To manage user-generated harmful video content, YouTube relies on AI algorithms (e.g., machine learning) in content moderation and follows a retributive justice logic to punish convicted YouTubers through demonetization, a penalty that limits or deprives them of advertisements (ads), reducing their future ad income. Moderation research is burgeoning in CSCW, but relatively little attention has been paid to the socioeconomic implications of YouTube’s algorithmic moderation. Drawing from the lens of algorithmic labor, we describe how algorithmic moderation shapes YouTubers' labor conditions through algorithmic opacity and precarity. YouTubers coped with such challenges from algorithmic moderation by sharing and applying practical knowledge they learned about moderation algorithms. By analyzing video content creation as algorithmic labor, we unpack the socioeconomic implications of algorithmic moderation and point to necessary post-punishment support as a form of restorative justice. Lastly, we put forward design considerations for algorithmic moderation systems.
“YouTuber,” i.e., content creator nowadays could be a profitable job for many people who aim to earn money (primarily advertising income from the platform) from their content creation and sharing. YouTube decides this income from the viewing times and viewer engagement rates of videos, constituting the socioeconomic content moderation.
But not all video content is advertiser-friendly or acceptable to communities. When YouTube deems a YouTuber’s video as unacceptable, YouTube will demonetize a YouTuber’s videos or channels, eventually denying them from earning more future ad revenue through placing limited or no ads on the videos.
As social media uses various algorithms (e.g., machine learning) to implement content moderation, little attention has been paid to how users interact with algorithmic moderation and their post-hoc experience. Especially for the users perform profitable content creation, few studies have understand how they receive, perceive, and react to algorithmic content moderation. This study aims to approach this research gap in the context of socioeconomic implications of YouTube moderation.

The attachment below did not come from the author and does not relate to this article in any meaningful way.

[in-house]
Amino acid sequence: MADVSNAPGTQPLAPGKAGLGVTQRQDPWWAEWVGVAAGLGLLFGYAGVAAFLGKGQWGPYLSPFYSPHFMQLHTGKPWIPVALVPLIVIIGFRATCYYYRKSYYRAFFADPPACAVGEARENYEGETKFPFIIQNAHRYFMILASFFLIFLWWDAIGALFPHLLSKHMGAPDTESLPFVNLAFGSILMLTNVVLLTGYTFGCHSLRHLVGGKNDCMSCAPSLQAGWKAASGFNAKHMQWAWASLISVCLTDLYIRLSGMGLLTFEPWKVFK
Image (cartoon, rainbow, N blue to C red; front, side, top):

We scraped online discussion data from the subreddit, r/youtube through a bag of keywords related to content moderation of YouTube. The final dataset contained 2,779 threads with 60,310 individual comments.
We inductively ran thematic analysis on the online discussion data.
a. Being Confused about Algorithmic Opacity: YouTubers who experienced algorithmic punishments felt confused and had no clues of how algorithms made decisions. Even if the adjudication of a moderation case is clear-cut to most people, YouTubers who received the penalty could experience it differently and feel hard to retore its algorithmic transparency.
b. Managing Algorithmic Precarity: Algorithmic moderation engenders the work uncertainty of video content creation and how YouTubers manage their precarity by diversifing their income.
c. Learning and Applying Algorithmic Know-How: YouTubers collectively made sense out of algorithmic punishments, developing, and disseminating algorithmic knowledge of YouTube moderation. Specifically, they shared and analyzed their punishment experiences to speculate about moderation algorithms, which in turn informed operations of repairing their past moderation and avoiding future moderation.
We shed light on the labor of video content creators and how they handled moderation punishments. We showed how moderation algorithms crafted YouTubers’ content creation work, engendering a necessary form of algorithmic labor to comply with moderation algorithms on YouTube and make their videos “advertiser-friendly.”
Transparency of algorithmic decision-making process: detailed moderation explanations.
Potentially Reimbursement given false-positive moderation decisions: especially for those who reversed false-positive moderation decisions.
More advanced tools for channel moderation to prevent unacceptable viewer comment from incurring moderation decisions on YouTubers.